Zaius, While I agree in principle with your sentiments here the relationship between IT and business has evolved considerably in the last 4 years or so, especially since both cloud, byod and apis have caught on in a big way with consumers today. One cant deny that fact and one also cant escape the inevitable consumerization of iT this is what susan is talking about here.IT better adapt fast or risk becoming obsolete here. Funds should not be your only excuse for lack of delivery of services to all consumers.
Joe Stanganelli   Solving Tech Problems Without IT   8/10/2013 7:23:56 PM
Re: IT Department as a tool
The real problem here as I see it is just making sure one bears in mind that, as IT has an impact throughout the organization, solutions like this can impact IT (and thus have a ripple effect).  One wants to make sure, ideally, that "going around IT" in this sense does not conflict or create redundancies with other IT efforts/goals.
Shamika   Solving Tech Problems Without IT   8/12/2013 1:25:21 AM
Re: IT Department as a tool
Correct. IT is always a support department. They have to work with the business in order to grow the business. I think the knowledge people have in IT is limited hence the business will always require the support from IT and have to depend on them.
Qasim Bajwa   Solving Tech Problems Without IT   8/12/2013 7:24:49 PM
Re: IT Department as a tool
@Shamika,
 IT is always a support department. They have to work with the business in order to grow the business. I think the knowledge people have in IT is limited hence the business will always require the support from IT and have to depend on them.

true but IT is not there for Support alone. Well if that was the case than IT-staff would only have a corner desk and be only replying to your queries.


IT has Bigger Goals to achieve, IT is always in the lead for innovating new ways to easy the 'business process' that's what IT is for. Innovation, innovating solutions for Marketing, Sales, Finance, HR and more. Atleast that's the formula which the Fortune 500 follow, and i always say if the fortune 500 are adopting it, the next companies will take their acts as an example.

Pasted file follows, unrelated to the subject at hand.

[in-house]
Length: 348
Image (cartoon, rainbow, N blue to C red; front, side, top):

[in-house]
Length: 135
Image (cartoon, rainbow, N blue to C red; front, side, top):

As for Their Collaboration with Business. Ofcourse IT and Business go hand in hand.
They are inter dependent and if you look back at all the Established organization who are doing well they follow the same logic. There's no IT without Business and their's definitely no Business without IT.
Qasim Bajwa   Solving Tech Problems Without IT   8/12/2013 7:14:17 PM
Re: IT Department as a tool
@Zaius, Well put, and you have raised an important aspect here.IT is the core of any organization. I read articles about Companies cutting down IT's budgets and raises doubts in my mind for their future existence, of IT? not at all, but of the Organization attempting to cut IT's budget.

  it is difficult to formulate a 'non-IT' route to the solutions of Tech problems. Exactly no one better than the IT staff knows how to solve an IT problem, I think if Bayless  by passed that route to reach out to 3rd parties it should not really be held as an example. It doesn't say bayless involved anyone from Technical management in his decisons, he shoudl've. But this is merely just an opinion. What are your views?
Salik   Solving Tech Problems Without IT   8/15/2013 1:51:27 AM
Re: IT Department as a tool
Great Point Qasim. I am with the same opinion that taking Bayless example for reducing the IT's role in the industry is ridiculous. We don't see many examples as such, do we? Moreover, his decisions took over nine months to find a potential solution. Maybe he did save a couple of million bucks, but was it worth the wait so long? Also, thus far IT is the core, without which many would break.
Qasim Bajwa   Solving Tech Problems Without IT   8/15/2013 3:18:58 AM
Re: IT Department as a tool
Yes Salik, we don't. Also I don't see Bayless mentioning anything about going to his own IT team for guidance and support on this major issue. Rather he opted to wait and strugglke on his own this is what amazes me the most. Saving a million bucks for Mcafee is pointless, It's the time they have lost which is non-recoverable. Money lost can always be recovered.
Salik   Solving Tech Problems Without IT   8/15/2013 3:53:17 AM
Re: IT Department as a tool